RSNO Friday Night Club – Beethoven’s Choral Symphony

The RSNO’s Friday Night Club is proving to be a popular series – and tonight’s instalment looks set to provide just the tonic needed to start the weekend. Conducted by Peter Oundjian, the orchestra return to Beethoven in a concert given at their home venue, the Glasgow Royal Concert Hall, in 2016.

The vocal soloists are soprano Marita Sølberg, mezzo-soprano Renata Pokupić, tenor Ben Johnson and bass-baritone Stephan Loges, with the RSNO Chorus joining for the exultant choral finale.

You can watch the on the orchestra’s website here, or join on Facebook here

On record – Gustavo Díaz-Jerez: Maghek – Seven Symphonic Poems About The Canary Islands (Signum Classics)

Cristo Barrios (clarinet), Ricardo Descalzo (piano), Royal Scottish National Orchestra / Eduardo Portal

Gustavo Díaz-Jerez
Maghek: Ymarxa, Ayssuragan, Guanapay, Chigaday, Azaenegue, Erbane & Aranfaybo

Signum ClassicsSIGCD 612 [two discs, 137’50”]

Producer Matt Dilley
Engineers Mike Hatch, Tony Lewington

Recorded 17-20 November 2019 at Royal Concert Hall, Glasgow

Written by Richard Whitehouse

What’s the story?

Signum Classics issues of its most ambitious releases in Seven Symphonic Poems about the Canary Islands by the Tenerifan-born Gustavo Díaz-Jerez (b1970), a substantial undertaking such as ought to secure this acclaimed composer and pianist greater international prominence.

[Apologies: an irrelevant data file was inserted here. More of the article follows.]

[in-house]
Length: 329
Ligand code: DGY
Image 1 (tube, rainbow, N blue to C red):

What’s the music like?

Although Smetana blazed the trail with Ma vlast, his cycle inspired by Bohemian legend and places, few recent composers have attempted such a sequence of interrelated movements – a notable exception being Pascal Dusapin with his Seven Solos for orchestra (1992-2009). This precedent may be significant as, though its subtitle implies something of a ‘suite touristique’, Maghek is the work of one respected for his research into the spectral and physical properties of sound. Not that Díaz-Jerez’s music is rarefied or academic; running parallel to its technical ingenuity is an involvement with Canarian history and topography as evident from the titles of each piece. This does not make for something naively illustrative or pictorial, but it does ensure an evocative dimension is manifest at every stage of a long and absorbing traversal.

It is not clear from Díaz-Jerez’s detailed and insightful booklet notes that the order in which these pieces are heard is the only intended sequence, and whether other permutations may be possible or even desirable. That they were premiered (and presumably can still be performed) individually rather suggests the latter, which itself adds a further layer of fascination to music already awash with mystery and intrigue. A reminder, too, that the image of the Canaries as a choice destination for holidaymakers seeking sun, sea and sand is far from the whole picture.

As presented, the cycle begins in Tenerife with its myriad gradations of light and shade, then to La Palma which unfolds as a concertante piece for clarinet and orchestra in which the latter gradually and ominously assumes dominance. By contrast, Lanzarote is represented by a full-blown piano concerto, a sometimes equable and at other times confrontational means through which to evoke interplay of natural and human elements. The forbidding terrain of La Gomera engenders music of textural intricacy and timbral finesse, then Gran Canaria brings something of a culmination with its cumulative interplay between relative stasis and dynamism toward a visceral climax. Fuerteventura imaginatively explores cultural contrasts and conflicts wrought across time, then El Hierro makes for an understated and even teasingly inconclusive ending.